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THEOREME. IX.

All Figures

of all Matters,

float by hep of

the Rampart re

pleniſhed with

Air, and ſome

but only touch

the water.

of all Matters,

float by hep of

the Rampart re

pleniſhed with

Air, and ſome

but only touch

the water.

All ſorts of Figures of whatſoever Matter, albeit more

grave than the Water, do by Benefit of the ſaid Ram

part, not only float, but ſome Figures, though of the

graveſt Matter, do ſtay wholly above Water, wetting

only the inferiour Surface that toucheth the Water.

grave than the Water, do by Benefit of the ſaid Ram

part, not only float, but ſome Figures, though of the

graveſt Matter, do ſtay wholly above Water, wetting

only the inferiour Surface that toucheth the Water.

And theſe ſhall be all Figures, which from the inferiour Baſe up

wards, grow leſſer and leſſer; the which we ſhall exemplifie for

this time in Piramides or Cones, of which Figures the paſſions sre

common. We will demonſtrate therefore, that,

wards, grow leſſer and leſſer; the which we ſhall exemplifie for

this time in Piramides or Cones, of which Figures the paſſions sre

common. We will demonſtrate therefore, that,

It is poſſible to form a Piramide, of any whatſoever Matter propoſed,

which being put with its Baſe upon the Water, reſts not only without

ſubmerging, but without wetting it more then its Baſe.

which being put with its Baſe upon the Water, reſts not only without

ſubmerging, but without wetting it more then its Baſe.

For the explication of which it is requiſite, that we firſt demonſtrate

the ſubſequent Lemma, namely, that,

the ſubſequent Lemma, namely, that,

LEMMA II.

Solids whoſe

Maſſes are in

contrary pro

portion to their

Specifick Gra

vities, are equall

in abſolute Gra

vity.

Maſſes are in

contrary pro

portion to their

Specifick Gra

vities, are equall

in abſolute Gra

vity.

Let A C and B be two Solids, and let the Maſs A C be to the

Maſs B, as the Specificall Gravity of the Solid B, is to the Speci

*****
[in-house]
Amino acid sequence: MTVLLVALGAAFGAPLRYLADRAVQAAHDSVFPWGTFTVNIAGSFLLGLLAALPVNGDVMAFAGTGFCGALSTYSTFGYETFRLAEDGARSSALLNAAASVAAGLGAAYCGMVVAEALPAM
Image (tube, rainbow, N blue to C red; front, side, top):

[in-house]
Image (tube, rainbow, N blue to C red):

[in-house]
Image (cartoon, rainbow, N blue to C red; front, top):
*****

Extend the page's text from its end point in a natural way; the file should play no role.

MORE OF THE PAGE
ficall Gravity of the Solid A C: I ſay, the Solids A C and B are

equall in abſolute weight, that is, equally grave. For

[Figure 12]

if the Maſs A C be equall to the Maſs B, then, by the

Aſſumption, the Specificall Gravity of B, ſhall be e

quall to the Specificall Gravity of A C, and being e

quall in Maſs, and of the ſame Specificall Gravity they

ſhall abſolutely weigh one as much as another. But

if their Maſſes ſhall be unequall, let the Maſs A C be greater, and in it

take the part C, equall to the Maſs B. And, becauſe the Maſſes B

and C are equall; the Abſolute weight of B, ſhall have the ſame pro

portion to the Abſolute weight of C, that the Specificall Gravity of

B, hath to the Specificall Gravity of C; or of C A, which is the

ſame in ſpecie: But look what proportion the Specificall Gravity of

B, hath to the Specificall Gravity of C A, the like proportion, by the

Aſſumption, hath the Maſs C A, to the Maſs B; that is, to the Maſs C:

Maſs B, as the Specificall Gravity of the Solid B, is to the Speci

ficall Gravity of the Solid A C: I ſay, the Solids A C and B are

equall in abſolute weight, that is, equally grave. For

[Figure 12]

if the Maſs A C be equall to the Maſs B, then, by the

Aſſumption, the Specificall Gravity of B, ſhall be e

quall to the Specificall Gravity of A C, and being e

quall in Maſs, and of the ſame Specificall Gravity they

ſhall abſolutely weigh one as much as another. But

if their Maſſes ſhall be unequall, let the Maſs A C be greater, and in it

take the part C, equall to the Maſs B. And, becauſe the Maſſes B

and C are equall; the Abſolute weight of B, ſhall have the ſame pro

portion to the Abſolute weight of C, that the Specificall Gravity of

B, hath to the Specificall Gravity of C; or of C A, which is the

ſame in ſpecie: But look what proportion the Specificall Gravity of

B, hath to the Specificall Gravity of C A, the like proportion, by the

Aſſumption, hath the Maſs C A, to the Maſs B; that is, to the Maſs C: